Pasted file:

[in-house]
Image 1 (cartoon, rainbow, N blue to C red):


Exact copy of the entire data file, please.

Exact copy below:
[in-house]
Image 1 (cartoon, rainbow, N blue to C red):